Among the tales of woe inspired by the beginning of Johnson City’s fiscal 2015 budget discussions are a couple dozen related to recipients of a particular form of municipal largesse known as “special appropriations.” A preliminary letter sent May 21 warned those recipients that – at least in the city staff’s recommended budget for the year beginning July 1 – their jars of honey would not be forthcoming.
The budgeted amounts for these groups range from a high of $40,019 for Frontier Health to a low of $3,384 for Sister Cities International, and they average $14,718. The groups are fine organizations doing worthwhile things, including work ranging from the arts to health care, from social services to youth development, and from athletics to elder services.
It is arguable, though, that none of them ever should have received city tax funds. And I would challenge anyone to dispute the assertion that our community has at least 25 other great agencies, doing great and similar work, that are just as deserving of special appropriations from the city.
The picking of winners and losers among the area’s non-profit community never was the best idea. Land mines aplenty accompany the selection by elected city leaders of some worthy causes and the rejection of others, and unfortunate habits, once begun, can become politically and personally difficult to break.
And yet, like a smoker cutting back on cigarettes or a federal government “tapering” back the printing of money that it has used to purchase bonds, Johnson City had begun three budgets ago to decrease its special appropriations by 10 percent of the FY 2012 level each year. The end game was to completely wean the recipients off of a portion of their revenues that city commissioners said should be funded some other way.
If memory serves me correctly, it was mentioned even then that this weaning might be accelerated. Regardless, the process up to now has reduced the annual appropriation from $524,486 in fiscal 2011 to $367,954 in fiscal 2014.
If the cold turkey method floated in the staff’s budget proposal becomes reality, that figure hits zero in next year’s July 2014-June 2015 budget. I’m betting we don’t go there, but I won’t shed any tears if we do, despite the sympathy I feel for friends whose passion about their favorite agencies has them distressed about this prospect.
The sooner we extricate ourselves from the practice of special appropriations, the better. Here are a few points:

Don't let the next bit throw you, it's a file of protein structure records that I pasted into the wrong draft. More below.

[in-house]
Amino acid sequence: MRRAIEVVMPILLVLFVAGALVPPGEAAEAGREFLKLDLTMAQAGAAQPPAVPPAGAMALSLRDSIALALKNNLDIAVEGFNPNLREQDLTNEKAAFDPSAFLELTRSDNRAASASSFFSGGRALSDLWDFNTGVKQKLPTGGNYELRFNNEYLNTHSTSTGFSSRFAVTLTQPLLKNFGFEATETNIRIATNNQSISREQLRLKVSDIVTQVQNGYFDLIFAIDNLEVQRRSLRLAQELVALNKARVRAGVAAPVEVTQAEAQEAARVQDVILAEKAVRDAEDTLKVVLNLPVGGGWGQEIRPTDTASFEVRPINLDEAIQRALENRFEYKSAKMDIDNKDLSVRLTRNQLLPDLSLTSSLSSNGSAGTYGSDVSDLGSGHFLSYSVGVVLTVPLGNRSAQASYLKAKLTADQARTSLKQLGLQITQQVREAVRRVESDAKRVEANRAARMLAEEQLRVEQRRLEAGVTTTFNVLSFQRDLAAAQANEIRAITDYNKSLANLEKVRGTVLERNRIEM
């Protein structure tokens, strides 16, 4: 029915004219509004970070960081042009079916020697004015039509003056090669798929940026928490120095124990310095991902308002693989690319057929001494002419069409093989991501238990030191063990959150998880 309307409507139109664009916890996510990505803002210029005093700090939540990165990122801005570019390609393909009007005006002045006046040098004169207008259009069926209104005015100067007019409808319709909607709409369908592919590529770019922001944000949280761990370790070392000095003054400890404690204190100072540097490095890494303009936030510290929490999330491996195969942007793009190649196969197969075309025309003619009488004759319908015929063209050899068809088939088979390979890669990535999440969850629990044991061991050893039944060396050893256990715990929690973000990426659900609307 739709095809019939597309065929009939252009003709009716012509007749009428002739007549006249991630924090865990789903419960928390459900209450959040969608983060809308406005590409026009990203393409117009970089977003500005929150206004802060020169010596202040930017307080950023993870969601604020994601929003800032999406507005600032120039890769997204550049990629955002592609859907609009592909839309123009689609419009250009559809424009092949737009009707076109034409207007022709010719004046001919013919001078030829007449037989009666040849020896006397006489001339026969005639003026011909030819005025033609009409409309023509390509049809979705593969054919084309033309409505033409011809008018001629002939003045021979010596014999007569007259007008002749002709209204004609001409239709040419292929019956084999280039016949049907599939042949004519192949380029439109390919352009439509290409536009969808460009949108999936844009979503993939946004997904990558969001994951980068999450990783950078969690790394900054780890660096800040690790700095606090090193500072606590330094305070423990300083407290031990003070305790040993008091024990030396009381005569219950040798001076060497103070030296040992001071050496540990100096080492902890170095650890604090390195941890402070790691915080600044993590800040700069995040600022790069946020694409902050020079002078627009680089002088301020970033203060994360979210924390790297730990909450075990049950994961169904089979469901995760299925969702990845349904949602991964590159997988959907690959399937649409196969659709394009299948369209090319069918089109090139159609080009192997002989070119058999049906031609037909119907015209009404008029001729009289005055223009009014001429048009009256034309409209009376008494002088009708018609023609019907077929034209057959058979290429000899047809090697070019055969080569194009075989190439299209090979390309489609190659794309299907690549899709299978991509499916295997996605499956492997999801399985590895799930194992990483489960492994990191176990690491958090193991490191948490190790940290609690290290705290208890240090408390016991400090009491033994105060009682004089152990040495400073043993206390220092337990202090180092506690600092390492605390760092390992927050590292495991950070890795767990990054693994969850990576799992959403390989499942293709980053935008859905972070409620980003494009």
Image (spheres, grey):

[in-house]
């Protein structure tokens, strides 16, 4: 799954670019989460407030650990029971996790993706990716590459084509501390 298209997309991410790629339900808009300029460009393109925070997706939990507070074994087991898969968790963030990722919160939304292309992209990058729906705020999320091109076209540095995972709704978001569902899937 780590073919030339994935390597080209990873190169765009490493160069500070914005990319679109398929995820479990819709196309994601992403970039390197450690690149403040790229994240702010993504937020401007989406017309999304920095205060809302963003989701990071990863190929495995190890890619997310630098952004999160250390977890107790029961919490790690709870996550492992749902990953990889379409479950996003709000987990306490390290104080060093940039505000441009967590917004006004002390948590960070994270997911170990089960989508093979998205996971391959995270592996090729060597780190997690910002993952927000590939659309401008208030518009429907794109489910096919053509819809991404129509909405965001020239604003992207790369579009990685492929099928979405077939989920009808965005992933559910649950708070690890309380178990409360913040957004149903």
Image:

If your agency is worthy of a $200,000 budget and $8,000 of that has come from city taxpayers, and if that funding method is deemed to be ill-advised and inequitable, then I am confident those who are passionate about your agency’s mission will make up the shortfall.
If Coalition for Kids, why not Rise Up? If Girls Inc., why not Girls on the Run? If Tipton-Haynes Historical Association, why not Rocky Mount? Why $11,520 for Second Harvest Food Bank and just $8,181 for Good Samaritan?
If one accepts the premise (and I don’t) that taxpayer money should be arbitrarily given to private agencies because they do good things for people, then arguments in favor of special appropriations could quickly lead the total bill into the $1 million range.
I like art, sports, aiding the needy and healing the sick. The people of our community do an admirable job of these things by volunteering their time, money and talents to the agencies who could lose this revenue stream.
Imagine all of this community’s agencies as horses – fine, strong, beautiful and capable of accomplishing good work in a way that is pleasing to observe and that glorifies God. If some of those horses are made to find all of their nourishment independently among the open pastures while others are receiving some extra sustenance without having to work as hard for it, which horses are going to be stronger in the end?
If you really love your horse, and you believe it is inherently a beautiful, useful, admirable creature, don’t you want it to get its nourishment in a manner that keeps it as strong as possible for the long run? Because it’s a long run, that’s for sure.